I’m coming out of depression (I’m coming out of depression?!), so the sense of this poem has shifted a bit since I composed it earlier this summer. Instead of banishing, I’m thinking about communication and invitation.
But it’s the last days of the old moon, so banishing feels appropriate. If I can see through the wildfire smoke that’s headed up-valley, I’ll go offer my own increasing clarity to some late-summer stars tonight.
Explaining Why I am Trying to Compose a Banishing Spell for My House This house tries to be the house where all are welcome. Including spiders the size of a human palm. It loves the way they move: tap-dancing sprinters. This house imagines itself a cradle of family, reminding us how we all belong together. It herds us close and smiles, well done. This house enjoys the heat, the cold, and relishes the wind. It loves silence. Until a dog barks or the neighbors party, then it loves that too. It adores the sun and the way light crawls through maple leaf and under lowering overhang to sprawl across its tough old oaken floors. The worn-smooth boards are comfortable, cackling gossips. If this house has ghosts, they are happy, loud, unwistful. When I go from this house, it will haunt no part of me.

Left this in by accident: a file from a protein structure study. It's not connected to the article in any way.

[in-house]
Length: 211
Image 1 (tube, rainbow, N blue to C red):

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Update: the stars were SO GOOD.
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